Why Scientists Will Never Find “The Gene” For Academic Success

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In a paper published earlier this week in the journal Science, researchers report that they have found three robust regions in the human genome that are tied to educational attainment, writes Paul Voosen in the Chronicle of Higher Education. But the links they found were “microscopic,” Voosen notes:

“How small? For perspective, the largest link they found could account for only 0.022 percent of the variation in the subjects’ educational advancement, drastically smaller than the largest genetic influences found for, say, height, where one gene might explain up to 0.4 percent of the variation. Over all, the genome variants the researchers surveyed could explain, combined, 2 percent of their subjects’ educational success.

The most important lesson for the public is this: There will never be a ‘gene for educational success’ or a ‘gene for entrepreneurship,’ just as there will never be a ‘gene for intelligence’ or a ‘gene for personality.’

‘You just shouldn’t believe anything that says it’s the “gene for education,”‘ says  Daniel J. Benjamin, an associate professor at Cornell University and one of the authors of the paper.

That’s true for pretty much any human trait, down to height and weight, but it applies doubly so for socioeconomic outcomes: ‘The effect for any gene is going to be vanishingly small.’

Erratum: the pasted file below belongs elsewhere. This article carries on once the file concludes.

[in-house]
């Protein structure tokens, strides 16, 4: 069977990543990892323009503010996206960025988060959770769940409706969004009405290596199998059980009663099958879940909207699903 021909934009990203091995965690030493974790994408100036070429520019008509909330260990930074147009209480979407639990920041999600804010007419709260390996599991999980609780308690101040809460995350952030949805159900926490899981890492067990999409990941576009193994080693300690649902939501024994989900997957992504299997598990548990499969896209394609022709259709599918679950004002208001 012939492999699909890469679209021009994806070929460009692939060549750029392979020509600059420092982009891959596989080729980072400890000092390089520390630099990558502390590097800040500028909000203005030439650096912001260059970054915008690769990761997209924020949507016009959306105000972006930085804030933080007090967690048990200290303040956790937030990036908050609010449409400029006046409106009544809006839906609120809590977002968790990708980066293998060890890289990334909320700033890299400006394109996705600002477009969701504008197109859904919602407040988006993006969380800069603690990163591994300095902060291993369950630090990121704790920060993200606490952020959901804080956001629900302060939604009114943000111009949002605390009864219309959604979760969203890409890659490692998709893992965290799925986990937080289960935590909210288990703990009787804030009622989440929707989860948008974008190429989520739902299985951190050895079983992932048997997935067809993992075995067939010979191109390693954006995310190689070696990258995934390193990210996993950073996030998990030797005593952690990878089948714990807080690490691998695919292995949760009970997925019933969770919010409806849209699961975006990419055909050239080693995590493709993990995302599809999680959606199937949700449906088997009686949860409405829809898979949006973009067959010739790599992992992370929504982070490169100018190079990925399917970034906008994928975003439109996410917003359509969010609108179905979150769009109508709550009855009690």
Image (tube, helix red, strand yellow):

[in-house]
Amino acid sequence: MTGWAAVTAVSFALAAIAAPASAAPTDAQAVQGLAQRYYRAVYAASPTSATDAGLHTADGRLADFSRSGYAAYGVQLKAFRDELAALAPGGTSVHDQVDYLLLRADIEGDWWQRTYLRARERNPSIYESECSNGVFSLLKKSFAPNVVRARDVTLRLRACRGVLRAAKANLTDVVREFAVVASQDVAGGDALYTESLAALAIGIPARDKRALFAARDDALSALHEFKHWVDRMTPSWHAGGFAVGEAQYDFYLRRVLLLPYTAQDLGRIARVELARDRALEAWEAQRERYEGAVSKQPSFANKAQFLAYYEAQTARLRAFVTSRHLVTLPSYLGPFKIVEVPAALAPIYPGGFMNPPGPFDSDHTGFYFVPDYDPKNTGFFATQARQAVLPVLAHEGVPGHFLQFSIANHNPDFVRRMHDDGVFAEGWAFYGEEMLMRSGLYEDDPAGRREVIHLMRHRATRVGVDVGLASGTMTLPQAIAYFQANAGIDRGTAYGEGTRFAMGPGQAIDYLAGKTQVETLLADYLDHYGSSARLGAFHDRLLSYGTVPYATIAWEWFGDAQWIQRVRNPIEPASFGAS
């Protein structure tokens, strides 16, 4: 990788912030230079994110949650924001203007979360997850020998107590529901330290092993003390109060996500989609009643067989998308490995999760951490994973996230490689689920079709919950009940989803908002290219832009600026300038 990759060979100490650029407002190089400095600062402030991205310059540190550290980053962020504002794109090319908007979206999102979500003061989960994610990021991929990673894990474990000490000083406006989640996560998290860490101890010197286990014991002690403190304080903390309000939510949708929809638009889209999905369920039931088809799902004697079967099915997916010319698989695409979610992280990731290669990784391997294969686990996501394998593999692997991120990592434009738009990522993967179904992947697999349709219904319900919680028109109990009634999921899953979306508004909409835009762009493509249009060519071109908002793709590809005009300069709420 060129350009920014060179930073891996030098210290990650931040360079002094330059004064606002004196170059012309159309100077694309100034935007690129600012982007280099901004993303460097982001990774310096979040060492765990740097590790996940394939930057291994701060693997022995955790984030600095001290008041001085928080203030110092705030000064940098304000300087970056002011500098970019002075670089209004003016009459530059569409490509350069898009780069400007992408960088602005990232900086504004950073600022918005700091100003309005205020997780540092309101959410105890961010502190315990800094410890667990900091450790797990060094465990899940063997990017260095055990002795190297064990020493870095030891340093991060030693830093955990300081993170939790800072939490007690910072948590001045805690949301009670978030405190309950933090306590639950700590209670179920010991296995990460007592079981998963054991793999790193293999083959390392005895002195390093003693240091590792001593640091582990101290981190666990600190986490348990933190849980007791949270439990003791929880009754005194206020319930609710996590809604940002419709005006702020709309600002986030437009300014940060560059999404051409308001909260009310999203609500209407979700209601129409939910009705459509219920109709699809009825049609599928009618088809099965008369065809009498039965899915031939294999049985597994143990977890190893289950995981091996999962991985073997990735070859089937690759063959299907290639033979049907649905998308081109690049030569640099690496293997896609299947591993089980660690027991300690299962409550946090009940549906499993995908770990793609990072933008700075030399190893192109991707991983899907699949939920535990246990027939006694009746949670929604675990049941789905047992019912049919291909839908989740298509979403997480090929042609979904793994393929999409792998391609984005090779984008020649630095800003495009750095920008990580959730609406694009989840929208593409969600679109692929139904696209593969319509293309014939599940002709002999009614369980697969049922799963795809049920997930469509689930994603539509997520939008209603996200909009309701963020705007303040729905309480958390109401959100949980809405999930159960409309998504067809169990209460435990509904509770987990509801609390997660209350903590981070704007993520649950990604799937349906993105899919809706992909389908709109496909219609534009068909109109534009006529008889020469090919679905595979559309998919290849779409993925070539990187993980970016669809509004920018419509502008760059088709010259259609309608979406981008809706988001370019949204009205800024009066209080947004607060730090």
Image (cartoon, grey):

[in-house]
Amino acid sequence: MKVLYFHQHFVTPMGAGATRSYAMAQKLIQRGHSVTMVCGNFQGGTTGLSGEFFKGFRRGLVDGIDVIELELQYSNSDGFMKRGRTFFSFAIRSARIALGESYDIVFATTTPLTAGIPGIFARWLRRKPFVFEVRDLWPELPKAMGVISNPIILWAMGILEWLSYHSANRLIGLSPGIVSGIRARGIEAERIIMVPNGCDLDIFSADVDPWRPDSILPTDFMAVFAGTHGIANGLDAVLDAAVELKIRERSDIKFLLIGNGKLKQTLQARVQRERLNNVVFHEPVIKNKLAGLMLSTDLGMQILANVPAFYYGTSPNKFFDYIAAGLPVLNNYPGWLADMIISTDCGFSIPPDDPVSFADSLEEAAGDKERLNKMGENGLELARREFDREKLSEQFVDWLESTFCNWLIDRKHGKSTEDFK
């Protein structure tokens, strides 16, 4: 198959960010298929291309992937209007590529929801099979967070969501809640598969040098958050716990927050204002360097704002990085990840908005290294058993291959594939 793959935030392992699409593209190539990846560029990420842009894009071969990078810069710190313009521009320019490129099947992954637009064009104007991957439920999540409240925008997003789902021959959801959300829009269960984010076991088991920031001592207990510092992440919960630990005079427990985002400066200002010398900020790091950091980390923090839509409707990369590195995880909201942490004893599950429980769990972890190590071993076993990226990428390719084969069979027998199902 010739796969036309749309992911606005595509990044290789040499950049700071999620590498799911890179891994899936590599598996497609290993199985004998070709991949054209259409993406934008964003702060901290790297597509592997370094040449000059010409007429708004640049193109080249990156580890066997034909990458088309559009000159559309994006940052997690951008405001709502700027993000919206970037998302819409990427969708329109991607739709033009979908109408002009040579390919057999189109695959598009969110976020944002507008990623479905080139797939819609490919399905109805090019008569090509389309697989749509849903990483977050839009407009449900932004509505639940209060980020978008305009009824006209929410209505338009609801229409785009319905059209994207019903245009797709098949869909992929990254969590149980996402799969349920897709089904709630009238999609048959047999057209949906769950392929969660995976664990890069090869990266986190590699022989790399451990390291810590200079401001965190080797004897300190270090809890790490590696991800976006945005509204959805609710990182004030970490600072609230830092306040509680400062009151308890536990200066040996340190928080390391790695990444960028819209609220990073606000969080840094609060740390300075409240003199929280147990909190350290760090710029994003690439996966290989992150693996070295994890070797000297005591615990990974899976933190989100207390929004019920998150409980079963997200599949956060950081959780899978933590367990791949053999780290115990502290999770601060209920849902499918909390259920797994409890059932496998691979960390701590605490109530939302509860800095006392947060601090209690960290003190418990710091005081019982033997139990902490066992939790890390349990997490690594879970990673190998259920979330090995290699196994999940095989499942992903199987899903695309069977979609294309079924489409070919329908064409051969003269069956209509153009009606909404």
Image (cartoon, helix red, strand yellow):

This is old news for genetics researchers, who have been wrestling with that reality for the better part of a decade. Genes are great at predicting what proteins the body will make, but they are far, far removed from human behavior, and every step along the way, their influence is weakened by a host of environmental factors. There is no linear chain that runs from, say, genes to personality to educational success; when such connections exist, they form, at best, a dense web.

Even the parts of educational success that can be tied to genetics—given a larger sample of one million people, Benjamin expects the number could rise from 2 percent to 12 percent or so—can still be deeply influenced by the environment.

The authors of the Science article are quite explicit about what lessons public-policy experts should take from their work: none at all. Given the limited genetic influence, even if Benjamin and company do tick it up to 12 percent, it’s unlikely you’ll ever be able to predict people’s educational future with their genome sequence.

And the environment will always influence those genetic connections. Imagine if you ran a genetics study of college-completion rates 100 years ago, Benjamin says: ‘You’d find a very strong effect of the number of X chromosomes you have on whether you’ve completed college.'” (Read more here.)

Excellent points to keep in mind the next time you see a headline about “the gene for X” . . .


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